Tuesday, February 27, 2007

House Guests

I just love having company and practicing hospitality. For me, it is a way to show others God's love. Our homes are generally very private places. We do not invite just anyone into them, but when we do, we should take care that our guests feel welcome.

I love to serve good food for my guests. I always inquire as to their dislikes and any food allergies that they may have. Most of the time, people are afraid to speak up because they do not want to be burdensome. As the hostess, I would much rather prepare a meal that I know my guests can enjoy than to work all day and have someone not be able to partake in it.

Here are some tips if you are intimidated by the very thought of inviting someone into your home:

1. Don't fuss. Make your guests feel welcome and at home. Do not put on a show. Be who you are and ENJOY your company.

2. Most people are thrilled to sit and relax in a calm atmosphere. Do not feel like you must *entertain* your guests. Good conversation goes a long way. This is particularly true if you are hosting guests overnight. They may be tired, and wish for some *downtime* rather than going from activity to activity.

3. If your guests offer to help in the kitchen, with the dishes, etc., let them. Fellowship can be sweet as we work together.

4. Food does not have to be *fancy* or expensive to be enjoyed. Stick to your budget, and to your tried and true recipes. Make something that you have confidence in. Don't forget to ask your guests about dislikes and allergies.

5. Make it special! Does this seem to go against tips one and four? Well, being yourself and sticking to your budget are definite on the *do* list, but that does not mean that we shouldn't show are guests that we are thrilled to have them in our homes. Don't be sloppy. Do the best with what you have does not mean to not put forth any effort.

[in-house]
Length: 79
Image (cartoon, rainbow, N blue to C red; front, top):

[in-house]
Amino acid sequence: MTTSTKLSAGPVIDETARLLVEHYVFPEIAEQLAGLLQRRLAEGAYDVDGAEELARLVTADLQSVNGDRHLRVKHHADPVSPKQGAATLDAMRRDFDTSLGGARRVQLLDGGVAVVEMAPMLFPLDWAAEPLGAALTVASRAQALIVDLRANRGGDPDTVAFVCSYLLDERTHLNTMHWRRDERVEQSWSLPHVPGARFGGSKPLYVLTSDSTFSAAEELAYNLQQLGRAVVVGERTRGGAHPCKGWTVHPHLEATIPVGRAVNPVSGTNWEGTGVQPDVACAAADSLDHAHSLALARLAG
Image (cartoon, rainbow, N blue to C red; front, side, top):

6. Keep a journal. This doesn't have to be anything formal. It can be as simple or elaborate as you like. You may wish to write down who came, for what occasion, what was served, etc. I keep a guest book. We always ask our guests to sign it at the end of their visit. I have done this for about 6 years now. I wish that I had started it when we were first married. It's great fun to look back through our book and see how long it has been since we have entertained, who was over last, etc.

Tonight, we are hosting some very dear friends along with their five children. They will be joining us for supper, and then spending the night. We are a stop on their moving trip from one state to another. I am looking forward to giving them a place to be refreshed after the hustle and bustle of packing, etc.

Dinner for 14! I am keeping it simple, but satisfying. After consulting with my friend, I learned that her children can be picky eaters. I also know that her husband was/is a vegetarian. My crew loves meat, and will eat anything put in front of them. I'm serving hot dogs, salad, and homemade soups; potato, and chicken noodle. Autumn made chocolate chip cookies for dessert. That ought to cover everyone.

Recommended reading: Edith Schaeffer's The Hidden Art of Homemaking

1 comment:

Barbara said...

You are someone after my own heart. We have offered hospitality in our home since 1973. At times we had average 60 people a year stay with us. Anything from 1 night to 3 weeks as well as having people live with us. Some "hairy" times but most a blessing. I agree with all your advice. Blessin gs. Barbara